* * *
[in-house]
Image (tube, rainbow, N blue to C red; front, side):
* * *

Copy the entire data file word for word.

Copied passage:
[in-house]
Image (tube, rainbow, N blue to C red; front, side):